NEW HAMSHIRE -- (NEWS CENTER) -- More than 84 Great Danes were rescued from a puppy mill in a New Hampshire mansion by the HSUS with assistance from the Wolfeboro Police Department, said The Humane Society.

Sad and broken, their once bright happy eyes, were red or swollen shut like human boxers that had taken too many hits in a long fight. The humane society said they should have been treated like canine kings and queens, but instead, were caged inside a mansion with no sign of available water, “just some remains of raw chicken parts strewn around the dogs.”

The Humane Society said these beautiful dogs spent countless hours in cages. Their paws appeared to be infected and were especially large for Great Danes.

The rescuers said an overwhelming smell filled the air in the mansion and some of the rooms contained high levels of ammonia that caused the rescuers’ eyes to tear up. “There was feces and debris smeared across all the walls to the point where the windows were opaque.”

The dogs were saved and taken to a temporary shelter, “where we will continue to work on healing their medical conditions and mending their spirits,” the Humane Society said. “So they know what it means to truly be loved.”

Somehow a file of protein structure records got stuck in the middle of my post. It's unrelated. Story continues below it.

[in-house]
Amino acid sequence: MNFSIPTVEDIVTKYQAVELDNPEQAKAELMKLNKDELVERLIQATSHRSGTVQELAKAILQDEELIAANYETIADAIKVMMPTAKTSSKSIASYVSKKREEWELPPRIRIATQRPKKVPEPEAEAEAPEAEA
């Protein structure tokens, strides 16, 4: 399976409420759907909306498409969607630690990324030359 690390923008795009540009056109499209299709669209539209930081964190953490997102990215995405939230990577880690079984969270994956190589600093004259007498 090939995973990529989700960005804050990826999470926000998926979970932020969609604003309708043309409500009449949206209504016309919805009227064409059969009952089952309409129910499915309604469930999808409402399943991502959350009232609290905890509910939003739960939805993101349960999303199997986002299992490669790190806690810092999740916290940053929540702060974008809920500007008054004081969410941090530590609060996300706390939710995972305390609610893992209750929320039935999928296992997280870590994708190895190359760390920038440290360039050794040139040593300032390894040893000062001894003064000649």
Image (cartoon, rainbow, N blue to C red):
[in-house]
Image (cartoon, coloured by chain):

The HSUS is tackling the puppy mill problem on multiple levels, but they said policymakers need to crack down on the cruelty. “We have to adopt federal and state policies that prevent situations from deteriorating to this point, where we can intervene only when the situation is so severe that a puppy mill case becomes a crime scene and a case of animal cruelty,” the Humane Society post.

Under New Hampshire’s current law, breeders are only required to be licensed by the state Department of Agriculture, “if 50 puppies are sold in one year.” Making it difficult to enforce this law with breeders who are not honest.

The Humane Society warns of a new bill being considered by lawmakers in New Hampshire. The proposal would lower the state’s mandatory inspections for all pet licenses, like shelters, pet stores, and commercial breeders. “If that attempt succeeds, the mandatory inspections will be replaced by a voluntary, complaint-based system, making it even harder for abusers to be held accountable.”